Do you know the Christmas song that’s about somewhere being a “marshmallow world in the winter?” I’m pretty sure that it was written about Craters of the Moon. We’ve had more than 70 inches of snowfall so far this season and there’s no end in sight. All of the sharp black lava rock has disappeared underneath a smooth blanket of white. Growing up in with lake effect snow off of Lake Erie I thought I knew winter, but Idaho is a totally different ball game. We had two weeks where the temperature barely got above 0°F. The coldest temperature I was awake for was a very uncomfortable -25°F 3-minute walk to work. We go weeks without seeing the sun or blue skies. BUT IT IS SO BEAUTIFUL HERE. Sometimes we get a snow crystal formation called hoar frost, which creates this really beautiful and defined frosty fuzz over everything. When it’s overcast, it looks like all the color has disappeared from the park and everything is in black and white. And when it is sunny and clear, you can see for hundreds of miles and everything is sparkly and feels new.
A lot of parks that get a lot of snow are pretty much closed in the winter. Here, you can no longer drive around the park, but the loop road is groomed for cross-country skiing and snowshoeing. There is nothing like the quiet crunching of snow beneath your snowshoe as you trudge up a cinder cone somewhat blinded by the white snow everywhere, even with sunglasses on.
Visitation is definitely lower than it was this summer, but almost every day of the week we have a school group come to visit and learn all about winter ecology. This has been one of my favorite parts of the winter. Strapping 30+ kids into their snowshoes isn’t always fun, but watching them experience winter here is totally worth it. By the end of the season, we will have seen every grade, K-12, and even some college students. We talk about hibernation, toleration, and migration in the classroom, but then get to learn through experience out in the snow. We look for tracks and try to run through the deep snow without our snowshoes on like elk. We play camouflage hide and seek like snowshoe hares and try to hold our breath as long as a hibernating golden mantle ground squirrel (one breath once every 20 seconds!). We also penguin slide on our bellies down a big hill, which I’m not sure has any educational purpose but it’s really fun so I don’t think it matters! The kids also eat A LOT of snow and like to climb up piles of snow that they shouldn’t be on. Age on these two points doesn’t matter- kindergartners and seniors in high school are on the same page when it comes to climbing on things and eating snow.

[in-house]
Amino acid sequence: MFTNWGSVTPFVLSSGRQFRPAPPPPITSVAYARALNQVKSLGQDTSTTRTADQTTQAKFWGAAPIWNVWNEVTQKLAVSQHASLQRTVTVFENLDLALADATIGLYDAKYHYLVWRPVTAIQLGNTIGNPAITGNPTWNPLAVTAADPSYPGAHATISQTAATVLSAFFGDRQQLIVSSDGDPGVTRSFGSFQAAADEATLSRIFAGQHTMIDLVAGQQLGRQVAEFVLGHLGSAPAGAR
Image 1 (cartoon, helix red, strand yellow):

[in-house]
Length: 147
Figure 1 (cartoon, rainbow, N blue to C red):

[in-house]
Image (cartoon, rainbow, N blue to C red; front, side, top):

Outside of work, living here has been an experience as well. All of the seasonal staff left in October, making me the only person living here (and the only person in a 20 mile radius) for two months. But now things are on their way back to normal, with some seasonals and interns living here with me. There’s a small cone behind my house that we’ve had fun tubing down when they had to close the park because the plows couldn’t keep up with the snow on the highway (park ranger snow days > school snow days).
Nine months in, I still have a hard time believing that I have the opportunity to live and work and play here. Every day I learn new things and have new experiences. I’m lovin’ every minute of it, even when a pack of peer-pressuring kindergartners makes me stick my face in the snow to put on a snow beard.